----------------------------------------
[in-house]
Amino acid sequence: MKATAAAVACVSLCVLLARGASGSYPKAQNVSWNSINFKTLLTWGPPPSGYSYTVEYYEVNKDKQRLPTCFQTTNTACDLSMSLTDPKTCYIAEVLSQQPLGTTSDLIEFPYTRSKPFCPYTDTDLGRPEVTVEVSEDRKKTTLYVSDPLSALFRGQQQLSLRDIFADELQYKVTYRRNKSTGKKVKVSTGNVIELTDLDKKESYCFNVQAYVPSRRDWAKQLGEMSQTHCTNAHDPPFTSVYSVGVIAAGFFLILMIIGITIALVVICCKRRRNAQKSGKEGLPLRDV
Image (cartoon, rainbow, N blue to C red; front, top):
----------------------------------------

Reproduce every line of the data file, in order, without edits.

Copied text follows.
[in-house]
Amino acid sequence: MKATAAAVACVSLCVLLARGASGSYPKAQNVSWNSINFKTLLTWGPPPSGYSYTVEYYEVNKDKQRLPTCFQTTNTACDLSMSLTDPKTCYIAEVLSQQPLGTTSDLIEFPYTRSKPFCPYTDTDLGRPEVTVEVSEDRKKTTLYVSDPLSALFRGQQQLSLRDIFADELQYKVTYRRNKSTGKKVKVSTGNVIELTDLDKKESYCFNVQAYVPSRRDWAKQLGEMSQTHCTNAHDPPFTSVYSVGVIAAGFFLILMIIGITIALVVICCKRRRNAQKSGKEGLPLRDV
Image (cartoon, rainbow, N blue to C red; front, top):